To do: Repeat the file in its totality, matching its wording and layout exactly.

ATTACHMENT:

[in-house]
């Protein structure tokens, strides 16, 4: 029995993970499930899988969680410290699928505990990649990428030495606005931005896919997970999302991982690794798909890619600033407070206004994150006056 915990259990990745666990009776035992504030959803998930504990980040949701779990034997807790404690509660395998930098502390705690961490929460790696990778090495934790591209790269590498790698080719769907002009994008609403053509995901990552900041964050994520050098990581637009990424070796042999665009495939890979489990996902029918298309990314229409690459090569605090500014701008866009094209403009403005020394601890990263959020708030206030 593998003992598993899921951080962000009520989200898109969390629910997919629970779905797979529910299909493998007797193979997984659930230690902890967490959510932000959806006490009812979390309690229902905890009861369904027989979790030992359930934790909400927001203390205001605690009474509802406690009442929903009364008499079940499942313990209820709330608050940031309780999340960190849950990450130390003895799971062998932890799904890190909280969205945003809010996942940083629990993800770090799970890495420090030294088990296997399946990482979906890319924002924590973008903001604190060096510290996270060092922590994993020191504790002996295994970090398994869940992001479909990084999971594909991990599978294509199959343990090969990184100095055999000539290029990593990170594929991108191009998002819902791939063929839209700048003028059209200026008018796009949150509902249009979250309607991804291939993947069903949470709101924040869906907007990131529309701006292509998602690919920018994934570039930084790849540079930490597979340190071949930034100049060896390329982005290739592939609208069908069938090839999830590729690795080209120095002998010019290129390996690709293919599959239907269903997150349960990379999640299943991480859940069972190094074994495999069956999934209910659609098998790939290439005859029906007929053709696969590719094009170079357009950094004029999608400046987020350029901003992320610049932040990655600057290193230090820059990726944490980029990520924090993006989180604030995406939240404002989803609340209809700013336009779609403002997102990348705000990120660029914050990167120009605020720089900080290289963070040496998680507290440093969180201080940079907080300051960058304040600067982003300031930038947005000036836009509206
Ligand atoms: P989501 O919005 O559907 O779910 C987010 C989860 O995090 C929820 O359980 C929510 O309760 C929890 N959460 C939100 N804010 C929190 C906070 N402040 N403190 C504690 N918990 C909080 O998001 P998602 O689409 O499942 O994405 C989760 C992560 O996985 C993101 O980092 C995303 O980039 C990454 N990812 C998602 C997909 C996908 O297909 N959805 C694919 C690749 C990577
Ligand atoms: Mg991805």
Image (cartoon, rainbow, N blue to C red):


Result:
[in-house]
């Protein structure tokens, strides 16, 4: 029995993970499930899988969680410290699928505990990649990428030495606005931005896919997970999302991982690794798909890619600033407070206004994150006056 915990259990990745666990009776035992504030959803998930504990980040949701779990034997807790404690509660395998930098502390705690961490929460790696990778090495934790591209790269590498790698080719769907002009994008609403053509995901990552900041964050994520050098990581637009990424070796042999665009495939890979489990996902029918298309990314229409690459090569605090500014701008866009094209403009403005020394601890990263959020708030206030 593998003992598993899921951080962000009520989200898109969390629910997919629970779905797979529910299909493998007797193979997984659930230690902890967490959510932000959806006490009812979390309690229902905890009861369904027989979790030992359930934790909400927001203390205001605690009474509802406690009442929903009364008499079940499942313990209820709330608050940031309780999340960190849950990450130390003895799971062998932890799904890190909280969205945003809010996942940083629990993800770090799970890495420090030294088990296997399946990482979906890319924002924590973008903001604190060096510290996270060092922590994993020191504790002996295994970090398994869940992001479909990084999971594909991990599978294509199959343990090969990184100095055999000539290029990593990170594929991108191009998002819902791939063929839209700048003028059209200026008018796009949150509902249009979250309607991804291939993947069903949470709101924040869906907007990131529309701006292509998602690919920018994934570039930084790849540079930490597979340190071949930034100049060896390329982005290739592939609208069908069938090839999830590729690795080209120095002998010019290129390996690709293919599959239907269903997150349960990379999640299943991480859940069972190094074994495999069956999934209910659609098998790939290439005859029906007929053709696969590719094009170079357009950094004029999608400046987020350029901003992320610049932040990655600057290193230090820059990726944490980029990520924090993006989180604030995406939240404002989803609340209809700013336009779609403002997102990348705000990120660029914050990167120009605020720089900080290289963070040496998680507290440093969180201080940079907080300051960058304040600067982003300031930038947005000036836009509206
Ligand atoms: P989501 O919005 O559907 O779910 C987010 C989860 O995090 C929820 O359980 C929510 O309760 C929890 N959460 C939100 N804010 C929190 C906070 N402040 N403190 C504690 N918990 C909080 O998001 P998602 O689409 O499942 O994405 C989760 C992560 O996985 C993101 O980092 C995303 O980039 C990454 N990812 C998602 C997909 C996908 O297909 N959805 C694919 C690749 C990577
Ligand atoms: Mg991805």
Image (cartoon, rainbow, N blue to C red):